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Dayton Divorce Law Blog

In high asset divorce, the fight may be over the prenuptial

In family court, all things are relative. If the couple has limited assets, the property division is likely to be rather straightforward and easy to ascertain. There may be a family home, a couple of cars, a bank account or two and if they are lucky, some retirement plans or a pension.

But if one or both parties to the marriage had significant income and high net worth, the complexity of the property division may escalate rapidly. If one member of the marriage is a hedge fund manager purported to be worth billions, the difficulty of the property division may be off the charts.

Aircraft turns around--international child custody case averted

Child custody issues between divorced or divorcing parents can escalate quickly and become complex, and few child custody cases can become as complex as those involving jurisdictional change. When a parent moves from the original court's jurisdiction, an extra element is introduced to any question.

If that jurisdiction is a foreign country, the complexity of the child custody issues increase tremendously. A man in Virginia avoided that type of escalation last week when he contacted the Federal Bureau of Investigation (FBI) and indicated that his former wife had taken their child, and had left on a flight for China. 

Best interest factors in Ohio child custody proceedings (cont.)

The eighth factor looks at the risk to the children based on criminal activity, neglect or abuse by the parents or members of their household. If any of these elements are present, they can severely impact the custody arrangements. The court will expect very detailed explanations of these elements.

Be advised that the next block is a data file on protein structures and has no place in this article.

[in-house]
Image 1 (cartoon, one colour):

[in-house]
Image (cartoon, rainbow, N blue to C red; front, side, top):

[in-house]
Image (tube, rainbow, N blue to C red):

The ninth factor examines if a parent has withheld the children for visitation or parenting time of the other parent or otherwise willfully violated the terms of the parenting time order. As with violating other order of the court, these violations, absent a valid showing that the children were in immediate danger, will be viewed negatively by the court.

More on the "best interests" of the child in Ohio

Last week, we were looking at the statutory factors that Ohio courts consider when determine the best interests of a child in a child custody hearing or for purposes of a modification of an existing child custody order.

As we noted, these factors are not all inclusive, and judges can consider other factors. However, in any proceeding, if one of these factors was ignored or not appropriately considered, it could provide a potentially compelling argument to appeal a child custody order.

What do you mean by "best interests" of a child?

In Ohio, as most states, during and after a divorce involving parents, matters of child custody are to be decided in light of the "best interests of the child" standard. Sounds simple enough.

The Ohio statute section dealing with this issue is rather lengthy, and the part that lists the factors that are used to help the court determine the best interests for child custody questions is broken up in to ten subsections. The statute notes that the court should consider all "relevant" factors, and the ten subsections listed are not the only relevant factors.

Goodwill hunting during a divorce: is it personal or enterprise?

One of the more complex elements of a property division during a divorce in Ohio comes when one of the assets is a business owned by one or both of the parties. While ownership of bank accounts or stocks are comparatively easy to value, determinations of value of entities which may not have any publically traded stock, may not be subject to public company reporting requirements and may have a limited market for their stock, is much more difficult.